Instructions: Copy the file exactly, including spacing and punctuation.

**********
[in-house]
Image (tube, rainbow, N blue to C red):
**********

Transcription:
[in-house]
Image (tube, rainbow, N blue to C red):